Yet wine is held to such high standards, and expectations are so elevated, that to choose wine by the label seems somehow pedestrian. It's as if by liking a nice font or colorful graphic, we are just not "getting it." I am here to say that it's okay to choose by label. For most people, label is as good an indicator as any.

But that leads me to my other gripe. For all the fuss over wine, we are not given a whole lot of help when it comes to choosing "intelligently" in the store. Now surely, one can subscribe to Wine Spectator. One can buy any of the 206,083 wine-related books on Amazon. But honestly, how much work does it take? Someone should be making it easier for us to shop this increasingly complex product.


So here's my situation. I attend a fair amount of dinner parties. I'm tired of grabbing the same old Yellowtail from the corner liquor store. I'd like to stock up on wine that is unique, tasty and will impress my friends. Where do I go?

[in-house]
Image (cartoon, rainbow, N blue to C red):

My fellow Chicagoans all point me to the same place: Sam's Wine and Spirits. Sam's is supposed to be the store that brings a wide variety of good wine to the masses. People say the store is huge, the variety is outstanding, and the staff are knowledgeable. So I make the trip.

And my friends are correct - Sam's is huge. It's an absolutely enormous warehouse. My immediate reaction is to feel very small, and very overwhelmed. But the concrete floors, wooden pallets and utility ladders remove any air of exclusivity, which is good. Okay, where to begin? I grab a small cart and start wandering.